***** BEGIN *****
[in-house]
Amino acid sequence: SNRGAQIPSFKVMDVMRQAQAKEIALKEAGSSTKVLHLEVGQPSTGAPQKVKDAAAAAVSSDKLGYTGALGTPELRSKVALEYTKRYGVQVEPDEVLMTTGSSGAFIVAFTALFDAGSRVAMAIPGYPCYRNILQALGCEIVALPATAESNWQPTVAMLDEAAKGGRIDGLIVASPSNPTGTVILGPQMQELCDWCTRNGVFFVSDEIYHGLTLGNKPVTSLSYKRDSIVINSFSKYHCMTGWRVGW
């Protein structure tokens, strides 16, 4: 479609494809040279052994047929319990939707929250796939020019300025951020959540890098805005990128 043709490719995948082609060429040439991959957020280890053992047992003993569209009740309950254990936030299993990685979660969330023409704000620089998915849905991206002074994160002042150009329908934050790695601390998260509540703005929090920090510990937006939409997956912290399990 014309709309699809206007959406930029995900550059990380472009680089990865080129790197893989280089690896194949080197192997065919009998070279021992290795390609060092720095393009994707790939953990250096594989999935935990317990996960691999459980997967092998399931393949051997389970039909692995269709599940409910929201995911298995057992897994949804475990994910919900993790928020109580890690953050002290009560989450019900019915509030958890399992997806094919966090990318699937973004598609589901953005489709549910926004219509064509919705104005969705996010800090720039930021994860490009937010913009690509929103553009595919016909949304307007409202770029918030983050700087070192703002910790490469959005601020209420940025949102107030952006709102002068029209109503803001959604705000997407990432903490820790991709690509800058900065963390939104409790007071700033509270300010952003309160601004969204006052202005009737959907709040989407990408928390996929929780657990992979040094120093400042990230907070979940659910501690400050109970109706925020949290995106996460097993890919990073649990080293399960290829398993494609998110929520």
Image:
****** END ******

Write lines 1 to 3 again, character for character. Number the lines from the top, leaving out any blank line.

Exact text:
[in-house]
Amino acid sequence: SNRGAQIPSFKVMDVMRQAQAKEIALKEAGSSTKVLHLEVGQPSTGAPQKVKDAAAAAVSSDKLGYTGALGTPELRSKVALEYTKRYGVQVEPDEVLMTTGSSGAFIVAFTALFDAGSRVAMAIPGYPCYRNILQALGCEIVALPATAESNWQPTVAMLDEAAKGGRIDGLIVASPSNPTGTVILGPQMQELCDWCTRNGVFFVSDEIYHGLTLGNKPVTSLSYKRDSIVINSFSKYHCMTGWRVGW
């Protein structure tokens, strides 16, 4: 479609494809040279052994047929319990939707929250796939020019300025951020959540890098805005990128 043709490719995948082609060429040439991959957020280890053992047992003993569209009740309950254990936030299993990685979660969330023409704000620089998915849905991206002074994160002042150009329908934050790695601390998260509540703005929090920090510990937006939409997956912290399990 014309709309699809206007959406930029995900550059990380472009680089990865080129790197893989280089690896194949080197192997065919009998070279021992290795390609060092720095393009994707790939953990250096594989999935935990317990996960691999459980997967092998399931393949051997389970039909692995269709599940409910929201995911298995057992897994949804475990994910919900993790928020109580890690953050002290009560989450019900019915509030958890399992997806094919966090990318699937973004598609589901953005489709549910926004219509064509919705104005969705996010800090720039930021994860490009937010913009690509929103553009595919016909949304307007409202770029918030983050700087070192703002910790490469959005601020209420940025949102107030952006709102002068029209109503803001959604705000997407990432903490820790991709690509800058900065963390939104409790007071700033509270300010952003309160601004969204006052202005009737959907709040989407990408928390996929929780657990992979040094120093400042990230907070979940659910501690400050109970109706925020949290995106996460097993890919990073649990080293399960290829398993494609998110929520």